Please note: This new law, although mandatory for business of all size, provides that public employers may opt-in to the program.
Special Update: New York has enacted a paid family leave policy (known as the New York Paid Family Leave Benefits Law), to be phased into effect beginning on or after January 1, 2018, that will apply to employers of all business sizes. When the law is fully phased-in over the next several years, employees will be eligible for 12 weeks of paid, job-protected leave when certain life events occur.
Employee Eligibility Requirements
Under the new law, employees are generally eligible for paid family leave benefits after having worked for their employers for 26 or more consecutive weeks. "Family leave" is defined as leave taken by an employee from work:
- To participate in providing care, including physical or psychological care, for a family member (including a child, parent, grandparent, grandchild, spouse, or domestic partner) with a serious health condition;
- To bond after the birth or adoption of a child (including foster children, the children of a domestic partner, and stepchildren); or
- Due to any qualifying exigency arising out of the fact that the employee's spouse, domestic partner, child, or parent is on active military duty.
Amount of Leave
In general, the weekly benefit for family leave will be phased in as follows:
- On or after January 1, 2018, eligible employees will be entitled to up to 8 weeks of family leave in any 52-week period at 50% of their average weekly wage (capped at 50% of the state average weekly wage);
- On or after January 1, 2019, eligible employees will be entitled to up to 10 weeks of family leave in any 52-week period at 55% of their average weekly wage (capped at 55% of the state average weekly wage);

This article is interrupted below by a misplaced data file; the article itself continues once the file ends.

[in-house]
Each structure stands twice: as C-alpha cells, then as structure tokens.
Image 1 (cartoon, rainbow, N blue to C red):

- On or after January 1, 2020, eligible employees will be entitled to up to 10 weeks of family leave in any 52-week period at 60% of their average weekly wage (capped at 60% of the state average weekly wage); and
- On or after January 1 of each succeeding year, eligible employees will be entitled to up to 12 weeks of family leave in any 52-week period at 67% of their average weekly wage (capped at 67% of the state average weekly wage).
Employee Protections An employer must maintain an employee’s group health plan benefits for the duration of paid family leave as if the employee had continued to work. Additionally, an employee may not lose any benefits accrued during employment prior to taking family leave.Employer Notice Requirements & Possible Penalty Employers will be required to conspicuously post a notice in the workplace to indicate their compliance with the paid family leave requirements. In addition, employers must provide employees who take eight or more consecutive days of family leave with a written notice of their rights under the paid family leave law.
An employer that fails to comply with the requirements of the paid family leave law is guilty of a misdemeanor and may face penalties, including fines and imprisonment.Leave for Adoption
New York law (Labor Law Section 201-c) requires private employers who permit employees to take a leave of absence for the birth of a child to grant the same leave (on the same terms) to employees for the adoption of a child. However, such employee is not entitled to equal child care leave at any time after the adoptive child reaches the minimum age for public school attendance, unless the adopted child is a hard-to-place or handicapped child under the age of 18 (as determined pursuant to state law).
6 things to do now:
- Set up your payroll for proper collection of employee contributions. It appears that the deduction will be $0.70 per employee per week, beginning July, 2017, but that detail will be finalized no later than June 1, 2017.
- Supply NYS Workers' Comp benefit coverage and claim filing details (not released yet) to all employees
- Add Paid Family Leave to your handbook, update all information
- Post the NYS notice (not released yet)
- Inform employees that when possible, they must give 30 day notice to take PFL
- Contact a Benefit Consultant at Haylor, Freyer & Coon, Inc. to discuss what insurance products are available to assist with this new state mandated benefit.